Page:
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Discussion Starter · #1 ·
I was up at my parents house a few days ago and i was rummaging through some old pictures and found some pictures of the garden layout we had in my Gloucester home.

I was first built some 20 years ago when we first moved into that home. it always followed the same basic layout with a loop at either end of a long stretch of twin track. this made it look double track in the middle but it wasn't.

in its first incarnation we made the mistake of following the contours of the land. which was fine until i got a hornby tender drive mallard for Christmas one year and it wouldn't go up the hill!
This caused a major rebuild!

The top loop was inside the shed and this was moved from waist height to ankle height. inside the loop was a small terminus station.
this is what you can see in these next couple of pictures.


In this picture you can see the loop running through the tunnel at the top of the picture. the small black square in the far right is the other tunnel mouth.


for the first few years the top loop was in the shed (as above and the bottom loop was around a small raised garden and over a suspension bridge over a pond.
the stretch in between was raised up on some roofing timbers. despite the way it looks in this picture they worked very well except that i had to turn them over each year because of the sagging.



To start with the bottom loop was quite an elaborate affair with a station with 4 platforms. 2 on either side of the loop.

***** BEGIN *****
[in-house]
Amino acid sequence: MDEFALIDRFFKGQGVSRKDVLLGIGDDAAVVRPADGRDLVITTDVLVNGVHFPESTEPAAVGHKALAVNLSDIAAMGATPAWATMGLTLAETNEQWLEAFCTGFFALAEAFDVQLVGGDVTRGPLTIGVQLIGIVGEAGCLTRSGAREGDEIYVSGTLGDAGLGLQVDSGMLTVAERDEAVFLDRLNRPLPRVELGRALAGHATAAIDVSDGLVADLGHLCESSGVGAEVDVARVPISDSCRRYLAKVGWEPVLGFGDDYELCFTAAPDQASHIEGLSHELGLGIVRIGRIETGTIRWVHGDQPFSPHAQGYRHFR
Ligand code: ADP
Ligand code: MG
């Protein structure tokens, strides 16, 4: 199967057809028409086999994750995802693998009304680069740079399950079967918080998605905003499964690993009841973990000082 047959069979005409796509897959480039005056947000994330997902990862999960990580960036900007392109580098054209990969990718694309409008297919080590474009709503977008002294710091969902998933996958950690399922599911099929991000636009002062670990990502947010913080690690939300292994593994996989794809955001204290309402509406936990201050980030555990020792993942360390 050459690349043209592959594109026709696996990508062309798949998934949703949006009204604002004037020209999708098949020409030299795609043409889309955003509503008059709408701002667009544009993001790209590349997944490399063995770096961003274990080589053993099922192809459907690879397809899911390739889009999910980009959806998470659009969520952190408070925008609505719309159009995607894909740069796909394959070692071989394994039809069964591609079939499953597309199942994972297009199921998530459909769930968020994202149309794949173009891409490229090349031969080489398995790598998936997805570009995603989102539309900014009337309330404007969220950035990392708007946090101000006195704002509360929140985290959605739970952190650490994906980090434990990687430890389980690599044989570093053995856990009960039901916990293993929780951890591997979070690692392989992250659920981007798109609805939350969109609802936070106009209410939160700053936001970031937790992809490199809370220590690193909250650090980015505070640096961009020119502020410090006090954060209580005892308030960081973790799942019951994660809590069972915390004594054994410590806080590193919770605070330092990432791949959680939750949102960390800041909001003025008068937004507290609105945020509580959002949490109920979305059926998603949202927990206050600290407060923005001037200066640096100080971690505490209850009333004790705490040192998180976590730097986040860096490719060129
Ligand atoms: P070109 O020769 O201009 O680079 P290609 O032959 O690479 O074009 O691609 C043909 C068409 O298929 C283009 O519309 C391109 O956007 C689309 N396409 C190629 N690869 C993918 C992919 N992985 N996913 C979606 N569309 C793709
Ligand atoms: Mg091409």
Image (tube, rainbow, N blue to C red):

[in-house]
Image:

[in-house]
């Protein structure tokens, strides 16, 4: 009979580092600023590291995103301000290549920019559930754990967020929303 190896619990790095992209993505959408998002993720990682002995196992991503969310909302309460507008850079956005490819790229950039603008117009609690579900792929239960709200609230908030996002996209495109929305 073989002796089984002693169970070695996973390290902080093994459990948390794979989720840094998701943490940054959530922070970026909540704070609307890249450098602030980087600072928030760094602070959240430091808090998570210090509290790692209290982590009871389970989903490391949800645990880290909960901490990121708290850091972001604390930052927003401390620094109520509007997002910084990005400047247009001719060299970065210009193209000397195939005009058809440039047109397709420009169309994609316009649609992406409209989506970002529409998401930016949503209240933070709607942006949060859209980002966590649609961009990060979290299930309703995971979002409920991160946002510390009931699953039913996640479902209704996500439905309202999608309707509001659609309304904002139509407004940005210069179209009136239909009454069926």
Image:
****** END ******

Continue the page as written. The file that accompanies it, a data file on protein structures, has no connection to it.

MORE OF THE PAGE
After a few years this was replaced with a much smaller raised garden and the railway gave way. after this the bottom loop was never quite big enough and i was forever rerailing stock on the tight bend.
Over the years i tried several variations. i built a station half way along the middle section that lasted a couple of years. i tried improving the bottom loop with a larger freestanding structure which lasted a summer.

When a compost heap was put halfway along the garden the top loop was moved out of the shed and circled the compost heap instead. this made it a much larger loop and it ran much better.

This is a picture of the first incarnation of the bottom loop and station.


Sadly i don't know of any other photographs that exist of the railway. i would particularly like a picture of the viaduct that my father made going over the fish pond.

The railway was taken up when i moved out of that house and left for university. i still have some of the track.

Generally the garden railway was fine. the only real problems we had were the sleepers going brittle after a few years out in the sun. near the end of the railways life the middle section was in a pretty poor state.

This railway kept me entertained and out of trouble throughout my summer holidays for nearly 10 years. i think there was only one year when it didn't get used and the last 3 or so summers it was very well used. i live in London now and there are times when i would love to be back out in that garden just watching the trains go buy. it was very peaceful, a quality i have come to appreciate more and more in life.
building the railway was also great fun. the times i spent on it with my father are among the happiest of my life. one year i got a toy tool kit for Christmas. after that i was always getting in the way!!